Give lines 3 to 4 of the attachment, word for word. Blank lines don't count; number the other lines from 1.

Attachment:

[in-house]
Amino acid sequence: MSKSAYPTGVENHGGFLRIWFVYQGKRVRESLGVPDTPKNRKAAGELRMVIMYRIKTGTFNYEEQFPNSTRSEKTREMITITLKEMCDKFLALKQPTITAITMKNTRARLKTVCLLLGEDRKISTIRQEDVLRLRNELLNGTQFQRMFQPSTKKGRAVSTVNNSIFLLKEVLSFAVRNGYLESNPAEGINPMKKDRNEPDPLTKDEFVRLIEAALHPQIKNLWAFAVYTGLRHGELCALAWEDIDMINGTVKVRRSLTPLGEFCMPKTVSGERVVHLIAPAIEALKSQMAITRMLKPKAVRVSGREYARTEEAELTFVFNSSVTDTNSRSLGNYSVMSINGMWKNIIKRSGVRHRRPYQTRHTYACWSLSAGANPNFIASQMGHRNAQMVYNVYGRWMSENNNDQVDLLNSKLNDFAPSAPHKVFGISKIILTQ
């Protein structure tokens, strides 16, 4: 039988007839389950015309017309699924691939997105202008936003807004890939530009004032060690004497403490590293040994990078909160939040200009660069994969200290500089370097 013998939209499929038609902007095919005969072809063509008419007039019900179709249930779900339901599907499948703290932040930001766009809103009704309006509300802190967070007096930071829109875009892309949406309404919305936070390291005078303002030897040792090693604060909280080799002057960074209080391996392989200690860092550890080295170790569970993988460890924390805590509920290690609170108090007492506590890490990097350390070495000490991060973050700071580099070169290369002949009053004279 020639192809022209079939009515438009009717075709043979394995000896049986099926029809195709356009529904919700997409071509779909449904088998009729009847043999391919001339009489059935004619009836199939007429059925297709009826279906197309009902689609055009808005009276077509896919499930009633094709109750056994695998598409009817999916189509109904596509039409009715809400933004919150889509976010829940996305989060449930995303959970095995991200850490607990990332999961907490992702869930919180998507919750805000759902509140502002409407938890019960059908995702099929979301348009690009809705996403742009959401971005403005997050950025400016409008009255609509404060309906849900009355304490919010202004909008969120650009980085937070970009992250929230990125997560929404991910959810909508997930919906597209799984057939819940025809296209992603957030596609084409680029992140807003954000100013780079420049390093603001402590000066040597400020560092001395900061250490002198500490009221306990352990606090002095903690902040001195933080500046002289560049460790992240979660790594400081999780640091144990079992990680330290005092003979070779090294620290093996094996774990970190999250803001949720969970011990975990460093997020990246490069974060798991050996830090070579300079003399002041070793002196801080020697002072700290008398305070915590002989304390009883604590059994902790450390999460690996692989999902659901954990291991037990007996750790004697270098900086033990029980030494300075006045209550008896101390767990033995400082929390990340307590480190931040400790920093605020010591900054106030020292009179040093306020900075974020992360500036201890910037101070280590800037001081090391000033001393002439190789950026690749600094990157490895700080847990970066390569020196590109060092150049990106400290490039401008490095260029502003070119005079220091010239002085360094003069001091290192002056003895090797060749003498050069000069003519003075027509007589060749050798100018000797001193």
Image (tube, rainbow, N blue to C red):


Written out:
């Protein structure tokens, strides 16, 4: 039988007839389950015309017309699924691939997105202008936003807004890939530009004032060690004497403490590293040994990078909160939040200009660069994969200290500089370097 013998939209499929038609902007095919005969072809063509008419007039019900179709249930779900339901599907499948703290932040930001766009809103009704309006509300802190967070007096930071829109875009892309949406309404919305936070390291005078303002030897040792090693604060909280080799002057960074209080391996392989200690860092550890080295170790569970993988460890924390805590509920290690609170108090007492506590890490990097350390070495000490991060973050700071580099070169290369002949009053004279 020639192809022209079939009515438009009717075709043979394995000896049986099926029809195709356009529904919700997409071509779909449904088998009729009847043999391919001339009489059935004619009836199939007429059925297709009826279906197309009902689609055009808005009276077509896919499930009633094709109750056994695998598409009817999916189509109904596509039409009715809400933004919150889509976010829940996305989060449930995303959970095995991200850490607990990332999961907490992702869930919180998507919750805000759902509140502002409407938890019960059908995702099929979301348009690009809705996403742009959401971005403005997050950025400016409008009255609509404060309906849900009355304490919010202004909008969120650009980085937070970009992250929230990125997560929404991910959810909508997930919906597209799984057939819940025809296209992603957030596609084409680029992140807003954000100013780079420049390093603001402590000066040597400020560092001395900061250490002198500490009221306990352990606090002095903690902040001195933080500046002289560049460790992240979660790594400081999780640091144990079992990680330290005092003979070779090294620290093996094996774990970190999250803001949720969970011990975990460093997020990246490069974060798991050996830090070579300079003399002041070793002196801080020697002072700290008398305070915590002989304390009883604590059994902790450390999460690996692989999902659901954990291991037990007996750790004697270098900086033990029980030494300075006045209550008896101390767990033995400082929390990340307590480190931040400790920093605020010591900054106030020292009179040093306020900075974020992360500036201890910037101070280590800037001081090391000033001393002439190789950026690749600094990157490895700080847990970066390569020196590109060092150049990106400290490039401008490095260029502003070119005079220091010239002085360094003069001091290192002056003895090797060749003498050069000069003519003075027509007589060749050798100018000797001193």
Image (tube, rainbow, N blue to C red):